And going back a little further, from the Philadelphia Inquirer,
Repeat Offender: Previous Pfizer Settlements

April 2007: Pfizer agreed to pay $34.7 million in fines to settle Department of Justice allegations that it improperly promoted the human growth hormone product Genotropin. The drugmaker's Pharmacia & Upjohn Co. subsidiary pleaded guilty to offering a kickback to a pharmacy-benefits manager to sell more of the drug.

May 2004: Pfizer agreed to pay $430 million to settle DOJ claims involving the off-label promotion of the epilepsy drug Neurontin by subsidiary Warner-Lambert. The promotions included flying doctors to lavish resorts and paying them hefty speakers' fees to tout the drug. The company said the activity took place years before it bought Warner-Lambert in 2000.

October 2002: Pfizer and subsidiaries Warner-Lambert and Parke-Davis agreed to pay $49 million to settle allegations that the company fraudulently avoided paying fully rebates owed to the state and federal governments under the national Medicaid Rebate program for the cholesterol-lowering drug Lipitor.
By my count, Pfizer made nine separate settlements from 2002 to 2011.  Some other bad behavior by Pfizer that did not necessarily result in legal action can be found under our label "Pfizer."


Looking at a summary of this bad behavior, it seems remarkable that no individual in a leadership position at Pfizer has suffered any obvious negative consequence of these events, that Pfizer's whole leadership has not been forced to reorganize, maybe even that the company is still in business.

Naively, one might ask why trust a company with such a track record? Why is there not so much mistrust of this organization that it could no longer continue business as usual?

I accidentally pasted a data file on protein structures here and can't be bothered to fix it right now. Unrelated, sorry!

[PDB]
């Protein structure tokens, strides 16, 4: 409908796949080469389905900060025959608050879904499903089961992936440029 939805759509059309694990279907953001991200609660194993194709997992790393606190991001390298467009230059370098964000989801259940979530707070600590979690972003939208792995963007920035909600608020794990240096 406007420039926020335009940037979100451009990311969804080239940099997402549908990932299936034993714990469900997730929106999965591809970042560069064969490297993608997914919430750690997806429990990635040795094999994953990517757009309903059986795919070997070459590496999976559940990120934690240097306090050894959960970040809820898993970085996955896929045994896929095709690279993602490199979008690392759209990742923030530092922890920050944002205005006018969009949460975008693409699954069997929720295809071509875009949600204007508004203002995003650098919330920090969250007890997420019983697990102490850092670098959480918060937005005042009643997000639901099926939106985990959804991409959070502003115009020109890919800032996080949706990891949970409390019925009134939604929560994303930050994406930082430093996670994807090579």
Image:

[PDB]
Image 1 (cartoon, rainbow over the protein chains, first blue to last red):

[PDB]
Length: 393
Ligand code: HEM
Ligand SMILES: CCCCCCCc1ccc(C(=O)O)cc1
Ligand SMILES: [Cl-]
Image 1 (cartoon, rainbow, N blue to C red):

Yet, while as noted in previous posts, Pfizer has not had the best financial results, and has gone through several CEOs, the company has made no fundamental changes in its leadership or governance despite this sorry history.

Perhaps one reason for the lack of response to these events is that they have not previously been presented together so that their pattern is evident, as we did above on Health Care Renewal.  It is true that in 2009, then Pfizer CEO Jeffrey Kindler acknowledged the company has had ethical lapses, and called on government and industry leaders in general to face up to ethical breaches or else the people would find a way to force changes upon them (see post here.) However, not even then did Kindler detail Pfizer's own troubled history, and he did not last much longer as CEO.

I have not found any other publication that puts together the list of bad behaviors that appears above. Most publications in business sections of the news media focus on only the most recent lapses. The medical, and health care/ services/ policy research literature generally ignores these issues entirely.

So here is the tragedy of the anechoic effect. Because it is still simply not done to talk about the poor stewardship, bad leadership, and ethical misadventures of big health care organizations, the dysfunction just continues.

As long as we fear to even talk about what has gone wrong with the leadership and governance of health care, how are we ever going to make any real improvements?